"It is him, you know him";

"For the last time, I will jail you for contempt of court if you don't tell us his name"

"It is him, my daughter's dad, you educated people -- you already know him".

It was sweet of Anantharajan to include this schoolboy in their conversation, and to let him laugh with them. If you will permit me a distraction just to complete the story, this man Anantharajan was shot about nine years after that conversation at the YMCA. It wasn't clear to me how killing this wonderful school principal was going to help Tamils achieve greater political space in Sri Lanka. Is it to you?

So I asked!

I was visiting an aunt's place in London when a coupe of chaps turned up to collect money for their war effort back home. She gave them 25 pounds and they were about to leave with the contribution, when I casually dropped my question:

"Are you taking this money to kill more of the likes of Anantharajan?"

Faces turned red. Tempers raised high.

"Are you calling us murderers?"

"Your words, not mine"

"You don't know much do you, about his CIA connections?"

"What makes you think Anantharajan was an agent of the CIA?"

"You don't know, I say, it is this type of people through whom the CIA operates".

My aunt was as shocked at this logic as I was, but kept her cool and said something to ease the tension and make them leave. Later, I ask her to explain why she was funding them. "I gave the [bleep]s 25 pounds", she said, "Otherwise they will come back and harass me, or even threaten me; no big deal 25 pounds for me, look at my grocery bill". It was 120 pounds.

(Some will say why bring up this story so many years since it happened. Perhaps it is all water under the bridge. Or perhaps how we face up to this might be the determinant of the future we build for the next generation of Sri Lankans. I do not know, and I leave it as an exercise to you readers.)

Let's get back to the name structure. Though Thevaram wasn't phonetically difficult, Nancy, even after much practice, continued to complain it was too long. Vincent continued to wish he could call me Bertram instead.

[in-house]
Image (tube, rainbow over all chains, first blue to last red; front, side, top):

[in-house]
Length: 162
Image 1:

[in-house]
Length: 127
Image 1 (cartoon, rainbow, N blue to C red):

Being the only Sri Lankan member of the group, I survived a couple of years with Thevaram double acting as my first and last names, claiming it to be the Sri Lankan way and an aspect of my cultural heritage I shall stubbornly stick to. But it wasn't to last long.

On the first day of term, Nancy comes running into our lab. She is almost breathless and looks terrified. "Guess what", she exclaims, "We have another one from your country". She takes a deep breath. "Oh my God, his is even much longer!"

Polgahawela Aarachchilage Junius Solomon Rathmana Thanthiriya Bandarawela has joined our laboratory.

"Its OK, we can just call him Pol", I comfort Nancy.


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About This Blog

Velupillai Prabhakaran

The rest of the world might never understand the violence Velupillai Prabhakaran stood for, but its imprint on Sri Lanka is wide and deep. For 26 years, the elusive leader of the Liberation Tigers of Tamil Eelam (LTTE) had waged war with the government to win an independent homeland, or eelam, for the island's Tamil minority. The struggle claimed more than 70,000 lives--including, on May 18, Prabhakaran's. The government says he was killed, along with 17 of his trusted lieutenants, while fleeing an army ambush.

Prabhakaran, 54, was born to a middle-class family on the Jaffna Peninsula. Incensed by discrimination against Tamils and radicalized by a militant grade-school teacher, Prabhakaran founded the LTTE in 1976, a year after a group he headed claimed responsibility for killing Jaffna's mayor. By 1983 the guerrilla movement--which pioneered suicide bombings and the recruitment of child soldiers--escalated the fighting into a civil war.

At the height of his power earlier this decade, Prabhakaran led a de facto government that controlled vast swaths of territory and boasted its own systems of taxes, roads and courts. As the army closed in, he allegedly used thousands of Tamil civilians as human shields. By the final days, just 250 LTTE members remained. They died too, along with the dream of eelam.